Recent advances in HIV-associated neurocognitive disorders: A focus on older adults and sub-Saharan Africa


PURPOSE OF REVIEW: We reviewed recent literature on prevalence and interventional approaches for cognitive impairment in the context of HIV infection alongside current controversies and challenges around its nomenclature, screening, and diagnosis. RECENT FINDINGS: Prevalence estimates for HIV-associated neurocognitive disorder (HAND) indicate that HAND remains highly prevalent despite combination antiretroviral treatment (cART) widely used. The available data are heterogeneous, particularly in sub-Saharan Africa (SSA) where recent reviews indicate substantial heterogeneity, wide prevalence estimates and lack of data from the majority SSA countries, despite them currently experiencing the greatest burden worldwide of both HIV and HAND.Several alternative approaches to diagnosis and classification of cognitive impairment in HIV have been published, taking into account changing clinical phenotypes. SUMMARY: Cognitive impairment remains a significant challenge in the care of people living with HIV despite advances in treatment. Ongoing controversies exist around nomenclature and classification, screening measures, and the phenotype and aetiology of observed impairments. Two current areas of research priority and focus include understanding current phenotypes of individuals living and ageing with treated HIV and differing levels of risk for HAND in these phenotypes, alongside the effects of commonly occurring comorbidities. The current evidence base for interventional approaches is limited, but growing. The most promising avenues appear to be multidisciplinary. These are currently focussed on high income settings rather than SSA where the majority of people living with HIV, and affected by cognitive impairment in the context of HIV, currently reside.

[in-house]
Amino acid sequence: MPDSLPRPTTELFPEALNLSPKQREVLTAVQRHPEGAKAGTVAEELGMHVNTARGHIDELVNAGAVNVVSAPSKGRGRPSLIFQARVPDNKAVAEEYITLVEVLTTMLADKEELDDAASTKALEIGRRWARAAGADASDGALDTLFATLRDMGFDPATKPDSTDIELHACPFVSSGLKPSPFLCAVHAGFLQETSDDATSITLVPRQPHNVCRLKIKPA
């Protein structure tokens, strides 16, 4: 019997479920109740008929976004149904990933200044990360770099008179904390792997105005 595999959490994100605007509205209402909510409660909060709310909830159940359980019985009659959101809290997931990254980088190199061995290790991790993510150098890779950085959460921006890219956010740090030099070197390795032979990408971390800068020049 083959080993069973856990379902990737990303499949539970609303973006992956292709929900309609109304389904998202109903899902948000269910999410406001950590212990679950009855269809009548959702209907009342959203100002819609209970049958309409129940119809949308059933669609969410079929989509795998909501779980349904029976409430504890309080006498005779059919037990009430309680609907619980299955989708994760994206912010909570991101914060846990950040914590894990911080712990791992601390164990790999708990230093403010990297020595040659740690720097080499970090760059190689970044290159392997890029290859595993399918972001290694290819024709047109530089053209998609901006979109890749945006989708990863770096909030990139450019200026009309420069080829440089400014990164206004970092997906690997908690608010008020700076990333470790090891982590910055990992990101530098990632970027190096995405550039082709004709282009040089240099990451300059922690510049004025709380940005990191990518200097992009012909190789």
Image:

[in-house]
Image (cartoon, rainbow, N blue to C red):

Paddick SM, Mukaetova-Ladinska EB




  • Epidemiology and Determinants of Health
    • Epidemiology
  • Population(s)
    • Older adults (>50 years)
    • General HIV+ population
  • Mental Health
    • Neurocognitive disorders


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